|25 Jul 2006 @ 13:41, by Shreepal Singh|
Commodity is the sum product of five human elements and one element of Nature’s gift. The cost of commodity is determined by the interaction of these six quanta. These elements are: firstly, the knowledge of the technology that enables the manufacturing of the concerned commodity, secondly, the human labor that makes it possible to transform the raw material into commodity by the application of the enabling technology, thirdly, the management that puts these elements of labor and technology in the required productive order, fourthly, the motive on the part of the initiator to go ahead and start the process of manufacturing as result of which commodity is manufactured and comes into being, fifthly, the enabling environment provided by the established government of the time which guarantees that the elements of motive, labor and technology would be permitted to put themselves in the required productive mode and lastly and sixthly, the raw material provided by Nature on which these five human elements work and turn the raw material into the finished commodity.
Commodity may be considered a recipe of five ingredients – knowledge, labor, management, motive and enabling environment encased in the eggshell of nature’s gift. The recipe of these five elements sometimes even without the eggshell of nature’s raw material is capable of acquiring the properties of commodity and in that case these precious human elements are called service. The service is a commodity.
Each of these five human elements plays equally crucial role in the production of commodity. We may visualize, with regard to the first element, that every commodity bears within it an essential constituent element of knowledge. Production of a commodity requires an inherent element, without which that commodity can never be produced, that is contributed by Mind. This element adds to the cumulative cost of this commodity. For producing any commodity we need the required technology without which its production is not possible. For example, for producing an airplane we need the knowledge of a large number of concerned branches of science – aerodynamics, electronics, propulsion, metallurgy etc. – and of their associated sophisticated engineering. In the case of simple commodity, say potato, we need the knowledge of agriculture – putting seeds in the soil, irrigation, providing fertilizer, tending the crop etc. – without which it is not possible to grow potatoes.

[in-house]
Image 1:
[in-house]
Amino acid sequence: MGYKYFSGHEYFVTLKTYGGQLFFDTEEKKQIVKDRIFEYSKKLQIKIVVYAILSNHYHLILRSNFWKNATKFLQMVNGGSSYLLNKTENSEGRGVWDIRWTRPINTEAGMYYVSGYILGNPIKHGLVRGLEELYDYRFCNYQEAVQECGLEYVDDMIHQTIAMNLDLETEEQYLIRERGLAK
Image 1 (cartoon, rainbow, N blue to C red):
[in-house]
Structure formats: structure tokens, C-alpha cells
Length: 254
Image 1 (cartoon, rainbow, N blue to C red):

Let us take another example from the life of primitive human beings, a stone dart. The primitive man needs to have the knowledge of the utility of a pointed stone in hunting an animal, he needs to know the technique of stone-chiseling, he needs to possess the knowledge of correct scrapping of the raw material – the unwieldy crude stone piece – that must be not too less and not too much scrapping of the raw material etc.
This knowledge of science is the product of Mind and in the process of production of commodity this element of Mind is deposited as an element of value in commodity. No commodity can be conceived of without this element being present in it. The contribution made by Mind in making the production of commodity possible is an inherent constituent element of commodity. This element of Mind or knowledge may be made possible by a single individual, by collective and common knowledge of society or by borrowing it from others. This element of Mind interacts with Nature through the human agency and gets embedded there in the product or commodity. In the finished goods or commodity the element contributed by Nature in the form of raw material on which other necessary elements related to human beings act turning this Natural – raw – element into finished commodity works like an eggshell wherein human elements get themselves deposited. Likewise, commodity also bears within it labor and remaining three essential elements.
It is possible to arrange these six elements in different interrelations. We may take the case of motive and put it in two different relations with the rest of the elements to find out the difference it brings in the resultant economic system. If we allow the human desires to fuel the motive, that put the remaining elements in the required order to produce commodity, then the resultant economy would be profit oriented capitalist one. On the other hand, if in the place of desires mind is allowed to fuel the whole productive process and put the remaining elements in the required order for producing commodity, the resultant economy would be planned socialist or communist one. It is the motive that determines the character of an economy. Also, seen from the point of view of the chosen motive, the ingredients of the concerned economy acquire different meaning and contents. There is universal misconception about capital. It is assumed that capital is one the ingredients that is always necessary for producing commodity. While capital is necessary ingredient in an economy whose motive element is desire fuelled, it is not necessary in an economy whose motive is dominated by planning by mind.